Friday, February 3, 2023

RaiBlocks Traders Hit, Non-Europeans Told to Bail in BitGrail’s Epic Fail

RaiBlocks Traders Hit, Non-Europeans Told to Bail in BitGrail’s Epic Fail

Citing regulatory requirements, the controversial Italy-based exchange BitGrail announced on January 24th it would prevent unverified non-E.U. users from withdrawing funds from their accounts. Furthermore, according to an update on January 30th, it is no longer (officially) accepting new non-E.U. unverified account holders at all. Nano (formerly RaiBlocks) token users are the hardest hit, with their trade making up a large majority of BitGrail’s business.

[Update Thursday, February 1, 2018 5:30PM]: BitGrail says non-European residents are still able to verify accounts. Please see below for details.

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BitGrail’s Sudden Change Angers Users

BitGrail’s abrupt move sparked widespread outrage from customers wondering how, or if, they’d be able to access their funds. It highlighted a key concern surrounding online cryptocurrency services — terms and local regulations can change almost on a whim, rendering services useless or funds inaccessible.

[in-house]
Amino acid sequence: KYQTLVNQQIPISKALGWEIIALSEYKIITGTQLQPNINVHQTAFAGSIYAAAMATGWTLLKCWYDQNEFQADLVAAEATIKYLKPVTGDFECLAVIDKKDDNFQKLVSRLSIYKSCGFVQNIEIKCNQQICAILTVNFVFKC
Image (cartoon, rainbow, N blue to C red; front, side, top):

The announcement effectively froze withdrawal capabilities for non-European, unverified traders. KYC (know-your-customer) requirements were to be implemented immediately, and non-European traders would be given two weeks to verify themselves and remove their funds — but only via a transfer into bitcoin.

Amid swirling reddit accusations of exit scam fraud, BitGrail released a blunt statement via Twitter on January 31st:

Confusion Over Whether Non-EU Residents Can Verify

However, in a dramatic shift of events, a screenshot of the identify verification process taken today revealed that non-E.U. residents cannot actually verify their identities, even if they want to.

This would have left non-E.U. traders with only one way to access their funds: terminate their account, submit a BTC address, and hope for the best.

However BitGrail’s operator “Francesco The Bomber” later tweeted that this is not the case. The “country” selector is only an optional field that users may leave blank if they wish.

Several users still complained that the process was confusing — and were met with blunt responses from Francesco.

“I am trying to defend BitFrail from this. We are (in) compliance with the law in Italy and Europe,” he posted on reddit. He claimed to have received “legal and physical threats” from many users but said this would not change his mind: